After dropping to the lowest level this year in June, inflation accelerated again slightly - to 1.7%. However, it still remains at a healthy level for the economy and remains below the inflation target. That is why interest rates will remain unchanged as long as there will be no rapid wage growth, Dom Inwestycyjny Dom Inwestycyjny Xelion's chief analyst Piotr Kuczyński believes. On the other hand, for the poorest, the price increase may be severe, as food is more expensive.
- 1.7% is not a big inflation, it is inflation expected and desired both by entrepreneurs and the budget - says Piotr Kuczyński, head analyst of Dom Inwestycyjny Xelion, Newseria Biznes news agency. - The higher the inflation, the higher the budget revenues and smaller the budget deficit. So the budget welcomes such inflation with pleasure. People welcome it with less pleasure, especially since a lot of increases are related to food prices. Butter, cheese and fruit have become dramatically more expensive because of winter and frost.
Average consumer prices in Poland have been rising annually since December 2016. They have returned to increases after almost 2.5 years of declines. Initially, inflation accelerated by leaps and reached 2.2% in February 2017, but then it slowed down to 1.5% in June. This is the lower limit of the permissible margin around the inflation target, i.e. the level to which the Monetary Policy Council should pursue its policy. It remains at the level of 2.5%. According to a quick estimate of the Central Statistical Office, in July there was a slight acceleration to 1.7%.
However, not all consumer goods and commodities were priced equally quickly at that time. The average for the whole first half of the year is 1.9 percent. Fuels have risen the most, and with them transport costs, which is not surprising given the dramatically low oil prices in the first half of last year.
However, there is food behind them - on average during the first 6 months of the year one had to pay for it by 3.7% more than a year before.
- Those Poles who have lower incomes will suffer more, because if they have lower incomes, the proportion of expenditure on food is higher than in those who have higher incomes," says Piotr Kuczyński.
However, wages were rising faster than prices: in companies employing more than 9 people, they were 5 percent higher than a year ago. This rate, according to Kuczyński, may increase.
- For the time being, there is no strong pressure on wages. If it will appear and be maintained, and it may be so, because the unemployment rate is extremely low in Poland and the needs of the economy will be high, the inflation may move up. It is rather next year, this year it will not be above 2%. - Kuczyński forecasts.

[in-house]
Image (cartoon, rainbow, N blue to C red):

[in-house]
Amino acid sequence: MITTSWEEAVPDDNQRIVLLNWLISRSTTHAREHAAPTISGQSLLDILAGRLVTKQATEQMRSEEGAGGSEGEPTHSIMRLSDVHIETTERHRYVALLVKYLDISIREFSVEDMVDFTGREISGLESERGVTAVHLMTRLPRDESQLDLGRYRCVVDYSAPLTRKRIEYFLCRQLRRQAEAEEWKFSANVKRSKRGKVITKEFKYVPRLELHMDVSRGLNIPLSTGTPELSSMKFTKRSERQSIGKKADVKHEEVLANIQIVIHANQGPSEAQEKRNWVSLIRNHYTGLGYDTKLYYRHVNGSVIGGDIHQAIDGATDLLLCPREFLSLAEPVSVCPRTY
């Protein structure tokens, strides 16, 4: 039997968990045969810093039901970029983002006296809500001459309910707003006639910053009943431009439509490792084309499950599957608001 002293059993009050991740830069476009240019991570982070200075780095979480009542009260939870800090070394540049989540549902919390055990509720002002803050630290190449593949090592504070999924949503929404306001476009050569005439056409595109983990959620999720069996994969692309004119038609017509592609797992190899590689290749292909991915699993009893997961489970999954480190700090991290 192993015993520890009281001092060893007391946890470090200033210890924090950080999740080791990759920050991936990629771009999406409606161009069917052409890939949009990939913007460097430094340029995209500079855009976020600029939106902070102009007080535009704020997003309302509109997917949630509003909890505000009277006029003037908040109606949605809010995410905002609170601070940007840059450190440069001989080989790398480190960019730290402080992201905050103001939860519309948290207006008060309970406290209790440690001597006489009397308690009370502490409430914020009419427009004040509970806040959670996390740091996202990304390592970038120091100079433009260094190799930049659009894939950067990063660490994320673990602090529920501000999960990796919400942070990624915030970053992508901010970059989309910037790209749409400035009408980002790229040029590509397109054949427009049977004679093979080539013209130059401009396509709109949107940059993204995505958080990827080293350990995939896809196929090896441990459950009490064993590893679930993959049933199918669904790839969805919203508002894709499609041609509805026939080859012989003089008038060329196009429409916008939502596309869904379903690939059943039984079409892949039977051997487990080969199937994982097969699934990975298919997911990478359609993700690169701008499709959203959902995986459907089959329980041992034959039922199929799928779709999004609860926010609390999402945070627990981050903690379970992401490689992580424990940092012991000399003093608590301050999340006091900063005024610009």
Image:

Employment in these companies in June exceeded 6 million people for the first time (the barrier of 5 million was overcome in January 2007, on the threshold of the second quarter in Poland's recent history in terms of economic growth rate). Unemployment, both in June and July, is at the lowest level of 7.1% in 26 years. Employers complain about the lack of hands to work, and the situation is currently being saved by Ukrainians. However, the risk of rising wage pressure is considerable, especially since also the newcomers from abroad raise their expectations in this respect.
- The Monetary Policy Council will not do anything this year, the rates will be at the level of 1.5%. The change will take place perhaps next year, or maybe only in 2019. If the aforementioned pressure on wages appears, then the Council will have to do something, DI Xelion chief analyst comments.
The potential increase in interest rates should strengthen the Polish zloty, which is already experiencing a strengthening compared to what happened last year. Since January, it has risen to the dollar by more than 15 percent. It has gained almost 10 percent to the pound, which was not very much to the delight of families receiving aid in this currency from relatives working in the UK. The reasons for this joy were francophone: the zloty has rebuilt by more than 10 percent to the Swiss currency. The profit against the euro is more modest - about 3 percent. According to Piotr Kuczyński, even without a rate increase, the Polish currency should continue to grow.
- From the point of view of its foundations, the zloty should be stronger, so I assume that it will strengthen, provided there is no external crisis. When such a crisis occurs, all developing countries' currencies lose, and the zloty is in this basket. For the time being, it seems that it should gain,' predicts Piotr Kuczyński.